Something with less stress. I don't know why, but I can see myself at the pet supplies store in the next town. I could wear a green smock. I could direct you to the chew toys or the fish and coral food. I could ring up your jug of kitty litter.

Favorite cosmetics brands: It hasn't been by design, but I notice that I've just so happened to buy a lot of Almay lately.

 Favorite scents:
I like spicy, like cinnamon.

 Favorite flavors:
Lately I've become obsessed with graham crackers. What flavor is that?

 Favorite magazines:
Allure and Glamour

 Favorite piece of jewelry:
My infinity ring.

 Favorite Holiday:

 Favorite season:

 Coffee or tea? Tea

Where would you go on vacation if you could go anywhere? I'd like to go to the TCM Classic Film Festival in Los Angeles.

 What kind of geek are you?
A movie geek. See post below.

Oh, I love her!

I am speaking of the luminous Carole Lombard. She was completely unique. No one delivered a line like Lombard. She spoke fast and had a special way of making each line seem like it just occurred to her. And, oh, she was funny. She made both silly and smart seem so sexy and glamorous.

My movie group saw Hands Across the Table last night. A hit in 1935, during The Depression, Lombard plays Regi. She's a working girl, a manicurist in a luxury hotel. She comes from poverty, and working for the wealthy guests just reminds her of the gap between the haves and the have nots. She determines that she's going to marry rich. She admits that makes her "a heel," but so be it. At least she's honest about it.

One afternoon, a handsome young man with a numeral after his name comes in for a manicure. As she holds his hands, their eyes lock, and chemistry erupts all over the place. So much so that he leaves the salon with six bandaged fingertips ... and a date for that night. Regi's gal pal warns her that men like Theodore Drew III expect their dinner companions to behave in a certain way. Her response?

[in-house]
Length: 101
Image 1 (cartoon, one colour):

So it turns out the handsome millionaire is really all Social Register and no bank account. Therefore it doesn't matter how attracted they are. They can't fall in love because if they do, they will derail their grand plans to marry money.

My favorite scenes in the movie are between Regi and Allen (Ralph Bellamy). He's a millionaire who
lives in the hotel and gets a manicure a week (then two or three) right there in his luxury suite. He admires and appreciates Regi, but she doesn't look at him as matrimonial material because he's in a wheelchair. This frees her to be herself with him. I know the filmmakers think this movie has a happy ending, but it left me a little sad. I liked Regi. I liked Allen. How wonderful if they could have lived out there lives together in affection and respect, no artifice. Of course, as this movie makes clear in subtle 1935 ways, no intercourse and no babies. There are ways they could have enjoyed one another sensually, and they could have adopted. (I mean, it was 1935! Imagine all the children who needed homes!) But here I am, looking at the Depression with a Baby Boomer's sensibility.

Still I loved it. And it was good to be with my movie group again. Talking classic movies in a room full of film lovers is sublime!